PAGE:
I grew up in the ‘80s. Back then, nerds were not cool. They were nerds. If you read comic books, you were not cool. If you could explain at length, and did explain at length, whether or not anyone asked you to, why Star Trek II was the best Star Trek movie ever, you were not cool. If you knew who Rick Baker was, and why he mattered, you were not cool. If you loved weird science fiction and horror movies, you were not cool. Nerds were nerds. The ignored. The hated. The underdogs. Movies like Meatballs and Revenge of The Nerds worked because that’s who you root for in movies: the underdogs.
Nerds are not the underdogs anymore.
All those ‘80s kids have grown up. For the past decade, they have been rising higher and higher in the movie world. And now? Now they run it. They make the movies, they review the movies, they decide what’s good, they decide what gets made. And what gets made? Nerd movies. Nerds have gone mainstream, and their movies are killing the industry.
What do we have to look forward to in the realm of big summer movies this year? Iron Man 3, Star Trek 2 (or more accurately 12), Superman (the 6th), Wolverine (the 2nd? 5th? I don’t even know how to count these), and Pacific Rim. Nerd movies. Which are, respectively, a third sequel of a comic book character, a second sequel of a third reboot of a TV show, the first movie of a third reboot of a TV show based on a comic book, the first movie of a reboot of a spin-off of a thrice sequelized series once re-booted based on a comic book, and the first movie made from a series of Japanese comics (which features the holy-nerd-grail of both giant robots and giant monsters doing battle). It’s hard to keep track of how many times we’ve seen these movies, so quickly are they made, sequelized, rebooted, reconfabulated, de-re-contextualitized, and otherwise vermiciously zarniwooped.
Every single big budget picture nowadays has its roots in either ‘80s nerd movies, when all of these filmmakers were kids, or comic books. And unlike in the ‘80s, we’re supposed to take these movies seriously, or so insist the nerds who review the movies at the nerd movie websites. We’re supposed to call Shane Black an auteur, when what we’re watching is corporate movie-making at its most advanced and refined, the new corporate, run by the one-time nerds all grown up into the reigning elite, they who both spend and make more money than anyone who came before.
Marvel and Universal have superhero movies planned well into the teens. If you’re not up on this stuff, The Avengers isn’t just another blockbuster superhero movie, it’s the start of “Phase Two” of the Marvel on-screen universe. As for DC, they seem to be suffering from indecision and ineptitude, but not for lack of trying. Man Of Steel is here, Spiderman Again Part 2 is on its way, and the Batman reboot can’t be far behind. And those are just the major superheroes. There are another, oh, million or so in the wings–Biscuit Man, The Amazing Spatula, She-Narwhal, The Flying Insole, Mr. Cricket, to name but a few–itching for their shot at the big-time. As for Disney? They bought Star Wars. Coming soon, a new Star Wars movie once a year, every year, for so long as we all shall live.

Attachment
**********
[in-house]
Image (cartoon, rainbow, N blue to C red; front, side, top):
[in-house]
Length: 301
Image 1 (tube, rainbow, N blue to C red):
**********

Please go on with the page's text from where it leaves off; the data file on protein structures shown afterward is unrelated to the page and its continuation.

I suppose it’s inevitable. Like the ‘60s hippies who grew up and ushered in the era of ‘80s greed and blockbusters in the first place, now the nerds are done with cult films, and done with being the little guys. Comic-Con is the new mainstream. There are hordes of people on-line, haunting movie sites, who will defend to the death everything from Tron: Legacy to The Watchmen, two movies so mainstream your little sister and frat-boy brother count them among their favorites. Which is the other irony. These nerd movies, though made by nerds and beloved by nerds, are designed for audiences at large. How many of the 90 billion people who saw The Avengers had ever read an Avengers comic? Precious few. What’s important is that nerds are now the tastemakers. If they want Avengers, that’s what they get. That’s what we get.
Aw, hell and goddammit! I don’t know what I’m driving at, my brain is jetlagged, I don’t know what time it is, or where I am, or whether the world-famous monument I’m supposed to visit tomorrow is about to be blown up by Zod or The Demonic Fish Lord (who I hope to see in the movies soon). I think I have a point in here somewhere, and the point is that nerds aren’t nerds anymore, which has left me with a bit of a personality quandary, having once been that weird ‘80s kid who had a ranked list of favorite directors by age 12 that included David Cronenberg. Hurm.
Wait now, who am I again? I’m not a movie-nerd, because movie-nerds aren’t nerds, they’re not-nerds, while the actual nerds are the popular kids running the show. And they’re running it into the ground! Yeah, that’s my point! Is there no room left for an original bloated-budget movie? Are we really reduced to having only Christopher Nolan and James Cameron to cite? How did we get here? Where are you driving us, nerds? To a world with nothing but superheroes blowing shit up? Is that really where you always wanted to be? Wouldn’t you rather create a world where studios funded and promoted smaller movies too, like Upstream Color and John Dies At The End? Wouldn’t you rather a world that took ‘80s movies like Repo Man, Videodrome, and The Hidden as its inspiration? And fer chrissakes, not as remake fodder to prey on our nostalgia! Spare us your RoboCop, Evil Dead, and Clash of The Titans remakes! Why not encourage new talent to make weird new movies? Ya know, nerdy movies?
I know. Weird movies are out there, creeping around the margins, same is it ever was. Thank heavens. It’s just a shame that the one-time weirdos from the ‘80s have forgotten their weirdo roots and have instead used their new-found powers to merely intensify the size, scope, and reach of the mega-blockbusters begun in their youth. Look upon thy works, ye nerdy, and despair…